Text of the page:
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Discussion Starter · #1 ·
Rebuilding outboard motors use to be fun. :wacko: I guess getting old does change you're out look of some things. I finally got mind down to the bare block and am going to order parts tomorrow as well as hone the cylinders. But dam I remember having more fun doing this 5 years ago then I am right now. It maybe because I'm more interested in getting it done before the big blues get here. You think?:helpsmilie: :D
 

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These things run in cycles. (2 cycles... :)

My woodshop lies dormant for months at a time, and then suddenly, I'll be in there every evening for a couple of weeks.

There's still good satisfaction that comes from doing these things yourself, and knowing they are done properly.
 

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Discussion Starter · #3 · (Edited)
Yea Chris you're right about that. That's also why I decided to do it now instead of being 30 miles off shore and have her blow up and then rebuild it. I will feel much better after it is done knowing every working part in it will be put there by me.:rolleyes: I am learning a lot more about this motor. OMC's were build so much alike over the years. That I could all most take one a part and put it back together blind folded. But they did throw me a curve on this motor. They bolted the steering arm to the block now and they also changed the rod connector screws from a 3/8 12-point heads to a 5/16 12-point head. You ever try to find a 3/8's drive 5/16 12-point socket?:eek: Unless you catch up with the Snap-On guy you won't find one. I had to go to Sears and get a ¼ inch drive one. I only hope it will hold up when I go to torque them back down. That little adapter may twist off under the load. But I did do something smart. I bough two of them Just in case.:D
 

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Just curious, as I have never opened up a two stroke. How many hours on the motor and how do the cylinder walls look?

I remember tearing down the 302 from my '73 Bronco years ago. You could not even catch your fingernail on the cylinder walls where the rings finished their upward stroke. After 150,000 miles.

I ended up replacing a couple of small parts and leaving the rest of the block alone.

A testimony for good oil and frequent oil changes....
 

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Walt -
there's the diff. between mechanical guys like you and Pax, and those like me who are not - the last engine I want to be 30 miles out with is one rebuilt by me!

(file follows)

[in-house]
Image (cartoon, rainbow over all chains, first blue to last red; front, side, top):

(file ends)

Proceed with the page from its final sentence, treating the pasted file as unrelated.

I get piece of mind by having it done by a pro. Besides, at this point in my life, it's my duty to help keep the economy moving by paying others to work. (that's vs. paying people to not work!)
DF
 

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Discussion Starter · #6 ·
Hey Chris I don't know how many hours are on this motor. It came with the boat. My guess by looking at the cylinder walls would be around 500 to 700 hours. But by the amount of carbon on the pistons I would say closer to 500. The guy didn't us good oil. My guess is he used the cheapest he could get by the looks of it. The cylinder walls aren't bad though. When I miked them they came with in spec. Which are 3.5990 to 3.6000 inches. I measured them at three angles to make shore there was no egging going on. All I have to do is hone them and replace the seals and rings. So it won't be too bad. I should be able to get it back up to 125 psi instead of the 90 it now has. The rings did need replacing. There was no cross hatching on the walls and they were like a mirror.

DF when I feel like rebuilding one, its fun to get my hand dirty. I just didn't feel like doing it now. I have all ways been one of those people that likes to take things apart to see how they work. The problem with that can be some times getting them back together. I use to help a friend rebuild them. He showed me how and I just stayed around to help after that. I guess we did around 200 motors over those years. I learned a lot from him. He is the best machinic I know.
 
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